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Hoffmann, R. A wiki for the life sciences where authorship matters. Nature Genetics (2008)

Active specific immunotherapy: PEM as a potential target molecule.

An understanding of the mechanisms involved in a biological phenomenon increases its potential for clinical exploitation. Thus, the simultaneous identification of TAA and the molecular mechanisms involved in antigen presentation and recognition by the immune system make the use of ASI a real possibility. The polymorphic epithelial mucin is expressed on most carcinomas and is highly immunogenic. Furthermore, it has many characteristics that make it potentially an ideal target molecule for ASI: (a) not only is it expressed, but it is upregulated by most carcinomas; (b) it is aberrantly glycosylated by carcinomas, resulting in the exposure of cryptic epitopes; (c) its tandem repeat structure results in there being many epitopes per molecule; (d) its extended structure at the surface means it is one of the first molecules the cells of the immune system encounter; and (e) its apparent ability to elicit HLA unrestricted killing already demonstrated in cancer patients makes it applicable to all individuals.[1]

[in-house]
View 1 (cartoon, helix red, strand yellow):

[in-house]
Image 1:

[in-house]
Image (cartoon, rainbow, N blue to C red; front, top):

1. Active specific immunotherapy: PEM as a potential target molecule. Burchell, J., Graham, R., Taylor-Papadimitriou, J. Cancer Surv. (1993) [Pubmed]
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